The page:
The Golden Age of Science Fiction

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Kingsley Amis
Hutchinson, 1981 - Science fiction, American - 370 pages

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User Review  - marek2009 - LibraryThing

Amis' unashamedly conservative theory is that the golden age of sci-fi ended c.1960 when two things happened. 1) The sci-fi equivalent of modernism, when many writers adopted a self-conscious, avant ... Read full review


About Science Fiction
The Quest for St Aquin Anthony Boucher
Effect Philip Latham

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About the author (1981)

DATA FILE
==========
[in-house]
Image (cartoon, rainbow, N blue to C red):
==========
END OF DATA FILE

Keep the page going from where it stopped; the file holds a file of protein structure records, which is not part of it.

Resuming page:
Kingsley Amis is generally considered one of the "angry young men" of the 1950s. He was born in London in 1922 and educated at the City of London School. He received a degree in English language and literature from St. John's College, Oxford, in 1947. Until 1961 Amis lectured in English at University College, Swansea, and for the following two years at Cambridge. In 1947 Amis published his first collection of poems, Bright November. Frame of Mind followed in 1953 and Poems: Fantasy Portraits in 1954. His first novel, Lucky Jim (1954), established his reputation as a writer. He followed with That Uncertain Feeling (1956), and I Like It Here (1958). A longtime James Bond devotee, Amis wrote a James Bond adventure after the death of Ian Fleming in 1964. Amis's study of the famous spy was titled The James Bond Dossier (1965). Amis received the Booker Prize for the Old Devils (1986). Amis's later works include Memoirs (1990), and The King's English, a collection of essays on the craft of writing well. Amis was knighted in 1990. He died in 1995.

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